“It’s an uncertain macroeconomic environment, but I think we finally got the guidance right, and we’re executing against that.”
— PayPal CEO Dan Schulman
Pandemic darling PayPal Holdings Inc.
has struggled to contend with the reopening of the economy after the pandemic, but Chief Executive Dan Schulman says that the company is back on track.
PayPal spent the past few quarters bringing down elements of its outlook as it acknowledged that its pandemic-era projections were out of step with current trajectories. Now the company is cutting costs and showing better growth trends, aspects fueling Schulman’s optimism about the business.
“I would say we are clearly now at a turning point,” he told investors at a Goldman Sachs conference late Monday. Schulman pointed to accelerating revenue growth from April to July as the company doubles down on its most promising areas, including core checkout.
PayPal is known for its checkout button, but some analysts have recently flagged concerns about competition in the market for online checkout as well as PayPal’s opportunities to maintain and gain share in a crowded field.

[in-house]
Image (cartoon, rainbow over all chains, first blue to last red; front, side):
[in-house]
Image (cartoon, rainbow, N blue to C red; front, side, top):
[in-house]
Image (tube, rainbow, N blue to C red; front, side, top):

“That’s sort of the big question that everybody asks all the time and rightfully so,” Schulman said in response to an inquiry from Goldman’s Michael Ng about the potential for PayPal to improve its core checkout experience and accelerate market-share gains. The PayPal chief acknowledged that “competition is fierce in the checkout space.”
That said, he sees areas where PayPal can better the customer experience and see improved adoption. The company has made efforts to speed up the process of checkout by cutting out seconds of “latency,” and Schulman said that these reductions help drive better conversion rates, meaning that they make people more likely to go through with a given purchase.
Additionally, the company is focused on “where we are presented” in the flow of a merchant’s checkout experience, as well as driving adoption of “accelerated” checkout. And Schulman stated that “many” PayPal competitors are pulling back and “reorienting their business model[s] because they lose money every quarter,” giving PayPal opportunities to capitalize given its scale and better financial positioning.
The company is also looking to improve its monetization of Venmo, as well as the user experience for those who frequent the peer-to-peer money transfer app.
“We’re completely revamping the debit and credit cards associated with Venmo, putting more rewards functionality on that different form factor deeply integrated into the app,” Schulman said, while noting that PayPal is also focused on enhancing Venmo’s design and search features.
He shared that PayPal is having a “good, solid quarter right now,” with revenues tracking in line with the company’s outlook and earnings looking to be “coming in a bit stronger than we anticipated for the quarter,” though there’s still time left in the period.